That being said, there are also some shortcomings that should be mentioned. One issue has to do with the choice of languages and particular structures: although Alexiadou explicitly states that she is going to look only into a specific set of languages (in typological terms) for methodological reasons that make absolute sense, it is not unambiguously clear why she actually chose the languages and the structures included in the monograph. Apparently, this could (also) be related to the patterns of articulation she is interested in (syntactic pattern, morphological pattern, syntactic-not semantic pattern); however given that not enough context is provided (i.e. how these patterns fit into the larger picture) besides one paragraph on page 6, the reader (especially one who is not an expert in double/multiple articulation) cannot safely evaluate her choice and its implications. This is an important issue, especially given her goals and the approach she adopts. A second issue has to do with the actual presentation: although the discussion of both data and analyses are generally convincing, in certain instances not enough information is provided or the discussion is somewhat difficult to follow. For instance, certain structures are not even given a tree diagram, or the discussion of the specifics of a proposed analysis is not detailed enough, or is condensed within a few lines. The result is that the discussion may give the impression of being uneven or even unclear and thus difficult to evaluate appropriately. Although this may be less of a problem for someone who has a good grasp on the topic, it becomes important given that the validity and exact function of the tools proposed need to be precisely evaluated and further elaborated by future research. One way to achieve this would be by constructing tools that can be replicated and integrated into a wider theoretical analysis (potentially, supported by other types of evidence, e.g. from corpora or from acquisition). To illustrate why details may be important, in Chapter 3 it is proposed that determiner spreading in Greek should be analyzed using a combination of a reduced relative input and a doubling construction (based on independent observations that determiner spreading is subject to the Prominence Condition, on a par with clitic doubling). Although this observation makes sense to me (determiner spreading seems to share properties with doubling), the actual analysis does not systematically explain how any similarities and/or differences are being captured. For example, clitic doubling is pronominal doubling, whereas determiner spreading is supposed to be determiner doubling. The fact that both articles and clitics may be analyzed as D-heads does not really explain how any differences are captured, given (for example) the fact that definite determiners are not subject to the Prominence Condition in Greek (as opposed to pronominal clitics, which are topic markers). If, on the other hand, the adjectival determiner is a clitic, what does this really mean and how does it compare to (other) clitic pronouns? As a result, one is unable to fully evaluate the actual proposal and what lies behind the empirical observation. A final point is editorial in nature, namely the book contains quite a few cases of typos, which however do not jeopardize the reader’s understanding.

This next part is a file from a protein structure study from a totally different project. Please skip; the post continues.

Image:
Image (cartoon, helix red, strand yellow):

Despite these shortcomings, in this monograph Alexiadou puts forward an idea which is important, both for the analysis of double/multiple articulation and for linguistic theory more generally.

REFERENCES

Alexiadou, Artemis and Wilder, Chris. 1998. Adjectival modification and multiple determiners. In Possessors, Predicates and Movement in the DP [Linguistik Aktuell/Linguistics Today 22], Artemis Alexiadou and Chris Wilder (eds.), 303-332. Amsterdam: John Benjamins.

Alexopoulou, Theodora and Folli, Rafaella. 2011. Topic strategies and the internal structure of nominal arguments in Greek and Italian. Ms, University of Cambridge, and University of Ulster.

Cinque, Guglielmo. 2004. A phrasal movement analysis of the Romanian DP. In Studia Linguistica et Philologica in Honorem D. Irimia, Anna Maria Minut and Eugen Munteanu (eds.), 129-142. Iasi: Editura Universitatii ‘Al. I. Cuza’.

Delsing, Lars-Olof. 1993. The Internal Structure of Noun Phrases in Scandinavian Languages. PhD dissertation, University of Lund.

Lekakou, Marika and Szendröi, Krista. 2012. Polydefinites in Greek: Ellipsis, close apposition and expletive determiners. Journal of Linguistics 48: 107-149.

Plank, Frans. 2003. Double articulation. In Noun Phrase Structure in the Languages of Europe. Frans Plank (ed.), 337-395. Berlin: Mouton de Gruyter.

Trommer, Jochen, 2002. The post-syntactic morphology of the Albanian preposed article: Evidence from distributed morphology. Balkanistica 15: 349-363.

Tsakali, Vina. 2008. Similarities in the interpretation of doubling constructions. Paper presented at the 2008 Meeting of the Department of Linguistics of the University of Thessaloniki.


ABOUT THE REVIEWER

Dr. Marios Mavrogiorgos specializes in clitics and other related morphosyntactic phenomena in Greek and Romance languages within the Minimalist Framework. He has published a number of papers (alone and in collaboration), and a monograph (with John Benjamins Publishing). From September 2015 he will be holding a post doctoral research position/Marie Skłodowska-Curie Individual Fellowship (project supervisor: Prof. Adam Ledgeway) at the Modern and Medieval Languages Faculty, University of Cambridge.